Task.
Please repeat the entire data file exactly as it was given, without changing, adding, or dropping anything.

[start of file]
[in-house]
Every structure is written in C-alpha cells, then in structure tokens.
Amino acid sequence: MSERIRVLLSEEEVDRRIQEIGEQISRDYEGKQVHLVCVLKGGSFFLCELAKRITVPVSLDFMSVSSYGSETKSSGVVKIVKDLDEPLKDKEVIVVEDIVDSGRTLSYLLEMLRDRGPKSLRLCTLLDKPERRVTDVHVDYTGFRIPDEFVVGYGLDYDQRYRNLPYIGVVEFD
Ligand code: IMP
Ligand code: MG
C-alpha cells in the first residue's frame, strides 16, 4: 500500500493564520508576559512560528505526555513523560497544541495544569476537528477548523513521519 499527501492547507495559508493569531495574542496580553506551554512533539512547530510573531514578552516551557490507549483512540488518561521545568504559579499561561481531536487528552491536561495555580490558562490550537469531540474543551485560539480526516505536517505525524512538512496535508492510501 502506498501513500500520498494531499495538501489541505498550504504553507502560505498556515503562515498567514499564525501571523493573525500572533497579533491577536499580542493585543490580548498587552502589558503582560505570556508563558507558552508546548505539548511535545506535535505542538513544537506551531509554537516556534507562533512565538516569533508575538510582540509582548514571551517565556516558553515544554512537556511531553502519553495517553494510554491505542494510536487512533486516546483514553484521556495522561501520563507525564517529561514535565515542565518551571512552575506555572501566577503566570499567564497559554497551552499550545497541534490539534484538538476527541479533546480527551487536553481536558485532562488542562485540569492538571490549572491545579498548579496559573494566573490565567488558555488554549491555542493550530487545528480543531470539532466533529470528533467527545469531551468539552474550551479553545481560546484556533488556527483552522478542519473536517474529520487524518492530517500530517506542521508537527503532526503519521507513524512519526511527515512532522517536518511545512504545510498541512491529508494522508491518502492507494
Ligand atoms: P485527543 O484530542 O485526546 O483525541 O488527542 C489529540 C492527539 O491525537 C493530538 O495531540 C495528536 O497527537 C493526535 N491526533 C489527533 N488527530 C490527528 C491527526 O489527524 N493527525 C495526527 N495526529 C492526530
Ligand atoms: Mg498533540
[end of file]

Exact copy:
[in-house]
Every structure is written in C-alpha cells, then in structure tokens.
Amino acid sequence: MSERIRVLLSEEEVDRRIQEIGEQISRDYEGKQVHLVCVLKGGSFFLCELAKRITVPVSLDFMSVSSYGSETKSSGVVKIVKDLDEPLKDKEVIVVEDIVDSGRTLSYLLEMLRDRGPKSLRLCTLLDKPERRVTDVHVDYTGFRIPDEFVVGYGLDYDQRYRNLPYIGVVEFD
Ligand code: IMP
Ligand code: MG
C-alpha cells in the first residue's frame, strides 16, 4: 500500500493564520508576559512560528505526555513523560497544541495544569476537528477548523513521519 499527501492547507495559508493569531495574542496580553506551554512533539512547530510573531514578552516551557490507549483512540488518561521545568504559579499561561481531536487528552491536561495555580490558562490550537469531540474543551485560539480526516505536517505525524512538512496535508492510501 502506498501513500500520498494531499495538501489541505498550504504553507502560505498556515503562515498567514499564525501571523493573525500572533497579533491577536499580542493585543490580548498587552502589558503582560505570556508563558507558552508546548505539548511535545506535535505542538513544537506551531509554537516556534507562533512565538516569533508575538510582540509582548514571551517565556516558553515544554512537556511531553502519553495517553494510554491505542494510536487512533486516546483514553484521556495522561501520563507525564517529561514535565515542565518551571512552575506555572501566577503566570499567564497559554497551552499550545497541534490539534484538538476527541479533546480527551487536553481536558485532562488542562485540569492538571490549572491545579498548579496559573494566573490565567488558555488554549491555542493550530487545528480543531470539532466533529470528533467527545469531551468539552474550551479553545481560546484556533488556527483552522478542519473536517474529520487524518492530517500530517506542521508537527503532526503519521507513524512519526511527515512532522517536518511545512504545510498541512491529508494522508491518502492507494
Ligand atoms: P485527543 O484530542 O485526546 O483525541 O488527542 C489529540 C492527539 O491525537 C493530538 O495531540 C495528536 O497527537 C493526535 N491526533 C489527533 N488527530 C490527528 C491527526 O489527524 N493527525 C495526527 N495526529 C492526530
Ligand atoms: Mg498533540